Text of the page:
Qatar National Bank secures $3.5 bln syndicated loan

A man walks past the Qatar National Bank (QNB) branch in the Saudi capital Riyadh, following a severing of relations between major gulf states. (File Photo: AFP)
Updated 07 February 2018
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Qatar National Bank secures $3.5 bln syndicated loan

DUBAI: Qatar National Bank said on Wednesday it had secured a $3.5 billion three-year syndicated loan for general corporate purposes, one of the first such deals by a Qatari government-owned firm since a regional diplomatic crisis erupted.
The syndication, which comprised 21 international banks, comes as QNB seeks to secure new funding lines.
QNB said it had already repaid in full an earlier $3 bln syndicated loan. That facility, which matured this year, was originally signed in 2015.
The loan to refinance the previous debt was increased to $3.5 billion due to strong demand from the market, it said.
The deal was “a reflection of the strong demand by the top tier global banks that want to continue to partner with QNB,” said chief executive Ali Al-Kuwari.
QNB said the loan was fully underwritten by: Bank of America Merrill Lynch, the Bank of Tokyo-Mitsubishi UFJ, Barclays Bank, Deutsche Bank, Intesa Sanpaolo, Mizuho Bank, Standard Chartered Bank, Sumitomo Mitsui Banking Corporation, and United Overseas Bank.
HSBC, which was one of the mandated lead arrangers in the 2015 loan, was not among the underwriters this time. It has also turned down a leading role in Qatar’s new dollar bond, sources familiar with the decision told Reuters.
International banks are treading cautiously in order to maintain relations with both sides following June’s diplomatic rift, when Saudi Arabia, the United Arab Emirates, Bahrain and Egypt cut diplomatic and transport ties with Qatar.
Regional power Saudi Arabia is opening up to foreign investors as part of ambitious economic reforms driven by its new crown prince, Mohammed bin Salman, including the sale of a stake in oil giant Aramco. Its IPO could be worth $100 billion.
QNB has recently used various types of debt instruments, including Kangaroo and Formosa bonds, to refill its coffers in an effort to diversify funding resources amid the embargo imposed on Qatar by other Arab states.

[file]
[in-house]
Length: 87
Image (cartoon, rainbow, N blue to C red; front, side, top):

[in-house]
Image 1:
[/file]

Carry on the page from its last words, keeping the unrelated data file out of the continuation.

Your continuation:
The bank also recently priced a private note of $1 bln, which sources told Reuters this week that Bank of America Merrill Lynch. In addition, is raised $1.38 billion through a privately placed bond, a QNB spokesperson said on Tuesday.


Egypt inks deal with Cyprus for power link to Europe

Updated 10 min 18 sec ago
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Egypt inks deal with Cyprus for power link to Europe

  • It is estimated the project will take 36 months to implement from the start of construction, with the lowest point 3,000 meters below sea-level
  • Phase 1 will see the interconnector carry a capacity of 1,000 MW which can be upgraded to 2,000 MW at a later stage

NICOSIA: Egypt has signed a deal with a Cypriot firm to lay a 310-kilometer (195-mile) cable under the Mediterranean to export electricity to Europe, the company said on Thursday.
Nicosia-based EuroAfrica described the deal, worth an estimated two billion euros, as a “landmark.”
“Cyprus now becomes a major hub for the transmission of electricity from Africa to Europe,” said company chairman Ioannis Kasoulides.
It is estimated the project will take 36 months to implement from the start of construction, with the lowest point 3,000 meters below sea-level.
Phase 1 will see the interconnector carry a capacity of 1,000 MW which can be upgraded to 2,000 MW at a later stage.
“The national electricity grid of Egypt will be linked to the European electricity system through Cyprus and will contribute to energy security,” Kasoulides said.
Following the crises in Crimea and eastern Ukraine, the EU has been keen to develop alternative sources of energy to reduce its dependence on imports from Russia.
In the past year, gas has started flowing from four major new fields off Egypt’s Mediterranean coast, and output is already sufficient to meet domestic needs.
The Arab world’s most populous country is now seeking to develop the infrastructure to export its newfound energy wealth, both as liquefied natural gas and as electricity.
Egypt is also seeking to import gas from fields off Cyprus and Israel to boost the profitability of the new liquefaction and export facilities it is developing on its Mediterranean coast.
In September, Egypt signed a deal with Cyprus to build an undersea pipeline to pump Cypriot offshore gas to Egypt for processing for export to Europe.
The plans have led to closer eastern Mediterranean ties, with Cyprus, Egypt, Greece and Israel holding regular high-level meetings.